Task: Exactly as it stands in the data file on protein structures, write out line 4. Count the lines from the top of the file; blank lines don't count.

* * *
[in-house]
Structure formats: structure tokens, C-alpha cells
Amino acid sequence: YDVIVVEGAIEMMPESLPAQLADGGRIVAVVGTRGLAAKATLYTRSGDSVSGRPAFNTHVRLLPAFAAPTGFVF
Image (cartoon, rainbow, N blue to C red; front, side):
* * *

Image (cartoon, rainbow, N blue to C red; front, side):